1022(b)(2)(B) requires that the Bureau ``consult with the 
appropriate prudential regulators or other Federal agencies prior to 
proposing a rule and during the comment process regarding 
consistency with prudential, market, or systemic objectives 
administered by such agencies.'' The manner and extent to which 
these provisions apply to interim final rules and to costs, 
benefits, and impacts that are compelled by statutory changes rather 
than discretionary Bureau action is unclear. Nevertheless, to inform 
this rulemaking more fully, the Bureau performed the described 
analyses and consultations.
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    Although not required by the interim final rule, covered entities 
may incur some costs in updating compliance manuals and related 
materials to reflect the new numbering and other technical changes 
reflected in the new Regulation I. The Bureau has worked to reduce any 
such burden by preserving the existing numbering to the extent possible 
and believes that such costs will likely be minimal. These changes 
could be handled in the short term by providing a short, standalone 
summary alerting users to the changes and in the long term could be 
combined with other updates at the firm's convenience. The Bureau 
intends to continue investigating the possible costs to affected 
entities of updating manuals and related materials to reflect these 
changes and solicits comments on this and other issues discussed in 
this section.
    The interim final rule will have no unique impact on depository 
institutions or credit unions with $10 billion or less in assets as 
described in section 1026(a) of the Dodd-Frank Act. Also, the interim 
final rule will have no unique impact on rural consumers.
    In undertaking the process of recodifying the Commission's rules in 
16 CFR Part 320, as well as regulations implementing thirteen other 
existing consumer financial laws,\16\ the Bureau consulted the Federal 
Deposit Insurance Corporation, the Office of the Comptroller of the 
Currency, the National Credit Union Administration, the Board of 
Governors of the Federal Reserve System, the Federal Trade Commission, 
and the Department of Housing and Urban Development, including with 
respect to consistency with any prudential, market, or systemic 
objectives that may be administered by such agencies.\17\ The Bureau 
also has consulted with the Office of Management and Budget for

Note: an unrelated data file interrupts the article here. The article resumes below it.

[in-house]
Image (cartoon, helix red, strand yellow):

technical assistance. The Bureau expects to have further consultations 
with the appropriate Federal agencies during the comment period.
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    \16\ The fourteen laws implemented by this and its companion 
rulemakings are: the Consumer Leasing Act, the Electronic Fund 
Transfer Act (except with respect to section 920 of that Act), the 
Equal Credit Opportunity Act, the Fair Credit Reporting Act (except 
with respect to sections 615(e) and 628 of that act), the Fair Debt 
Collection Practices Act, Subsections (b) through (f) of section 43 
of the Federal Deposit Insurance Act, sections 502 through 509 of 
the Gramm-Leach-Bliley Act (except for section 505 as it applies to 
section 501(b)), the Home Mortgage Disclosure Act, the Real Estate 
Settlement Procedures Act, the S.A.F.E. Mortgage Licensing Act, the 
Truth in Lending Act, the Truth in Savings Act, section 626 of the 
Omnibus Appropriations Act, 2009, and the Interstate Land Sales Full 
Disclosure Act.
    \17\ In light of the technical but voluminous nature of this 
recodification project, the Bureau focused the consultation process 
on a representative sample of the recodified regulations, while 
making information on the other regulations available. The Bureau 
expects to conduct differently its future consultations regarding 
substantive rulemakings.
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IV. Request for Comment

    Although notice and comment rulemaking procedures are not required, 
the Bureau invites comments on this notice. Commenters are specifically 
encouraged to identify any technical issues raised by the rule. The 
Bureau is also seeking comment in response to a notice published at 76 
FR 75825 (Dec. 5, 2011) concerning its efforts to identify priorities 
for streamlining regulations that it has inherited from other Federal 
agencies to address provisions that are outdated, unduly burdensome, or 
unnecessary.

V. Regulatory Flexibility Act

    The Regulatory Flexibility Act (RFA), as amended by the Small 
Business Regulatory Enforcement Fairness Act of 1996, requires each 
agency to consider the potential impact of its regulations on small 
entities, including small businesses, small governmental units, and 
small not-for-profit organizations.\18\ The RFA generally requires an 
agency to conduct an initial regulatory flexibility analysis (IRFA) and 
a final regulatory flexibility analysis (FRFA) of any rule subject to 
notice-and-comment rulemaking requirements, unless the agency certifies 
that the rule will not have a significant economic impact on a 
substantial number of small entities.\19\ The Bureau also is subject to 
certain additional procedures under the RFA involving the convening of 
a panel to consult with small business representatives prior to 
proposing a rule for which an IRFA is required.\20\